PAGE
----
13-February-2017 by Bernard Busuulwa
South African property developer, Stanlib in partnership with Chestnut Uganda plan to construct a $50 million shopping mall in Kampala’s suburb, Makindye Municipality. The Arena Mall will be built on a five-acre piece of land, less than 2km from the capital’s central business district. Stanlib’s private equity Africa Direct Property Development Fund will provide $30 million with $20 million debt from Standard Bank South Africa. Standard Bank is Stanlib’s parent company.
The mall will occupy 14,000 square metres with two levels of shopping space, a rooftop cinema, restaurant and parking. Construction works are scheduled to begin in the first quarter this year with the mall expected to be open in 2018. According to real estate players, Makindye was the only municipality in Kampala that lacked a high-end shopping mall despite a presence of a middle-class with purchasing power. Among prominent organisations neighbouring the mall will be the American Embassy, Nsambya hospital and Kampala International University.
“The infrastructure development taking place near Makindye Municipality such as the Kampala-Entebbe Express Way that also bears the Munyonyo Spur and planned development of the Clock Tower flyover will drive future demand for retail space dedicated to low and middle-income consumers. “The Arena Mall will also fill a big shopping mall gap in this area and also tap into some neighbouring areas of Nakawa Municipality and Entebbe Road,” said Judy Rugasira Kyanda, Knight Frank Uganda’s managing director.
Knight Frank will be the letting agent of the upcoming mall. Seyani Brothers Uganda Limited is the main contractor for the project while Bowman Associates Architects and SASA Architects are architects.
02-September-2016 by Buganda Kingdom
As His Majesty the Kabaka Ronald Muwenda Mutebi II willed to have a wholesome development of all properties belonging to the Kingdom, the process has seen a number of projects worked upon and many others still in frame. Among the accomplished projects include, Kasubi Masiro Royal Tombs, Wamala Tombs, Masengere building and Namasole’s house. Now a major emphasis has been now laid on the Kabaka’s Lake Redevelopment on which the Buganda Twezimbe task force and SASA Infrastructure Design Group as their lead consultants have for a period of three months engaged in design and master planning.
While unveiling the master plan at Bulange Mmengo, senior Architect Dr. Kenneth Ssemwogerere said that the plan if implemented will be the first of its kind in Uganda and will attract more tourists to Buganda.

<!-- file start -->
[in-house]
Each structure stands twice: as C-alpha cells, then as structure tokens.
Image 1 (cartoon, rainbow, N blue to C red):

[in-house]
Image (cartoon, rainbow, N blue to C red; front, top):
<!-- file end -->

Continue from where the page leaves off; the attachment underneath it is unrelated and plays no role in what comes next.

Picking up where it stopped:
A total of 39.8 acres has been divided into recreational, leisure, cultural, lake and water sports. The whole master plan features the following; • A leisure park on 5 acres, • An open exhibition and open craft market on 1.5 a cres • Jogging and cycling trails, • Lake Museum, • Aquarium containing the whole collection of Buganda’s aquatic species, • Kabaka Mwanga II monument, • Garden and parking yard of 100 cars for the park and lake visitors • A variety of water sports, floating restaurant, and water performance shows.
According to Ritah Namyalo Kisitu, the state minister for tourism, the master plan also emphasises functionality and security, systems for cleaning the water and reticulation, smart design and energy conservation have been put as well as police posts, guard units, and towers to make the place secure. John Fred Kiyimba Freeman, chairman Buganda Twezimbe noted that some of the development activities that feature in the master plan will be implemented through the Public Private partnership so as to complete the project in time.
13-June-2016 by PropertyWheel_GW
It has been said many times that Africa is not a uniform place in which every country and every market conforms to the same rules and circumstances. Yet, how many South African professionals really take that to heart when venturing outside of SA’s borders to do business? Architecture is a profession which requires one to be particularly open to continual listening and learning, and the partners at Messaris Wapenaar Cole Architects believe that the willingness of even a seasoned professional to do this, and to work collaboratively, makes a significant difference to doing successful business in other African countries.
The firm has seen particular evidence of this in some of its own projects. The Edge, a sizable new upmarket residential development in Kampala, Uganda, is a good current example. This 160-unit complex in Naayla, Kampala, is being developed by Ascent Point Investments, a Ugandan property development company. Messaris Wapenaar Cole Architects (MWCA) secured the project based on its extensive experience in high density residential architecture, with the firm having been referred to Ascent Point Investments by one of its long-standing South African clients, Limestone Properties.